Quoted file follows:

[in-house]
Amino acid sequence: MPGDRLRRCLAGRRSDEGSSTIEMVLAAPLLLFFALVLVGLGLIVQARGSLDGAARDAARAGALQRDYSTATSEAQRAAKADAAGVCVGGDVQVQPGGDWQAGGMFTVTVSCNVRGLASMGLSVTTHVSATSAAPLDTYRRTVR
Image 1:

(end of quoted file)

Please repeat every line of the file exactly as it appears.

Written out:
[in-house]
Amino acid sequence: MPGDRLRRCLAGRRSDEGSSTIEMVLAAPLLLFFALVLVGLGLIVQARGSLDGAARDAARAGALQRDYSTATSEAQRAAKADAAGVCVGGDVQVQPGGDWQAGGMFTVTVSCNVRGLASMGLSVTTHVSATSAAPLDTYRRTVR
Image 1: